The United States Supreme Court agreed Friday to hear the court case Bowman v. Monsanto that explored whether Monsanto’s intellectual property rights extend to second generation seeds.
In a brief statement to the press, the company said:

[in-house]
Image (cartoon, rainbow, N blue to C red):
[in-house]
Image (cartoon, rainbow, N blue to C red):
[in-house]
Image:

The key issue in Bowman v. Monsanto was whether Monsanto’s intellectual property rights extend to second generation seeds. The infringer argued that Monsanto’s patent rights in seeds obtained from a grain elevator that were harvested by other farmers had been exhausted. The district court rejected this argument and awarded damages to Monsanto for the infringement. The Federal Circuit affirmed, holding that Monsanto’s intellectual property rights are not exhausted when harvested seed containing the patented technology is sold as a commodity. After the defendant sought certiorari review in the Supreme Court, at the request of the Court the Solicitor General reviewed the case and in August agreed with Monsanto that certiorari review was not warranted. While the Supreme Court has nonetheless elected to review the case, we remain confident in our legal position, and will ask the Supreme Court to affirm the Federal Circuit’s decision, which reaffirmed important intellectual property rights of significance to the entire agricultural biotechnology industry.